Reuters: Iran’s persistent failure to clear up concerns about its nuclear activities after concealing them for almost 20 years sets it apart from all other nations, the U.N. atomic watchdog chief said on Monday. By Mark Heinrich and Karin Strohecker
VIENNA (Reuters) – Iran’s persistent failure to clear up concerns about its nuclear activities after concealing them for almost 20 years sets it apart from all other nations, the U.N. atomic watchdog chief said on Monday.
Six world powers are now negotiating on widening sanctions against Iran for pressing ahead with its program to enrich uranium, a possible route to building atomic bombs, and ignoring a February 21 U.N. Security Council deadline for it to stop.
“Iran’s verification case is sui generis (one of a kind),” Mohamed ElBaradei, director of the International Atomic Energy Agency, said in opening remarks to a gathering of the IAEA’s 35-nation board of governors.
“Unlike other verification cases, the IAEA’s confidence about the nature of Iran’s program has been shaken because of two decades of undeclared activities (until 2003),” he said.
“This confidence will only be restored when Iran takes the long overdue decision to explain and answer all the agency’s questions and concerns about its past nuclear activities in an open and transparent manner.”
Iran rejects Western suspicions that it is trying to master nuclear bomb technology under the cover of a civilian atomic energy program, saying it only wants to generate electricity.
Tehran has also complained of unfair treatment, noting the IAEA has found no hard evidence of covert bombmaking efforts. It has characterized sanctions as a U.S.-led campaign to stunt its economic development and topple its Islamist government.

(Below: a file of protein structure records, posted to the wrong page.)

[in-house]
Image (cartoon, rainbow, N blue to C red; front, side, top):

“We have not seen concrete proof of diversion of nuclear material, nor the industrial capacity to produce weapons-usable nuclear material, which is an important consideration in assessing the risk,” said ElBaradei.
“But quite a few uncertainties remain about experiments, procurements and other activities …”
Iranian envoy Ali Asghar Soltanieh said Iran was willing to resolve outstanding issues “if our nuclear dossier is returned (by the Security Council) to the IAEA where it belongs”.
CUTS IN NUCLEAR AID FOR IRAN
At the meeting likely to run some four days, governors were expected to approve cuts to 22 of 55 IAEA technical aid projects in Iran. This would uphold a December U.N. ban on giving Iran technology and know-how of use in making atomic fuel.
ElBaradei, however, praised an apparent nuclear climb-down by North Korea, whose own confrontation with the world eased when it agreed on February 13 to dismantle its nuclear arms program and readmit IAEA inspectors expelled four years ago.
“I welcome the Beijing agreement, and the invitation to visit North Korea, as positive steps toward the denuclearisation of the Korean peninsula and toward the normalization of North Korea’s relationship with the agency,” he told the board.
ElBaradei goes to Pyongyang on March 13 to work out details of the nuclear shutdown, including production of plutonium, and redeploying inspectors by mid-April to ensure the secretive Stalinist state upholds the pact.
“This process has to be completed within 60 days so we have a short time span (to achieve it) …,” ElBaradei told reporters.
If he comes back from North Korea with clearance to dispatch inspectors, the board will convene a special session probably in late March to formally approve their return, officials said.
A February 22 IAEA report said Iran was installing cascades, or networks, of 164 centrifuges each in its underground uranium enrichment plant in a bid to graduate from research-level refinement of nuclear fuel to a basis for “industrial-scale” production, with some 3,000 centrifuges due to be set up by May.
Iran had not begun pumping uranium gas into cascades at the Natanz plant for enrichment, as it had said it would by the end of February, diplomats said. But it was still refusing to let the IAEA set up remote monitoring cameras in the cascade hall.